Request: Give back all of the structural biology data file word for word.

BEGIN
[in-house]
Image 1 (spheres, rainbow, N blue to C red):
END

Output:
[in-house]
Image 1 (spheres, rainbow, N blue to C red):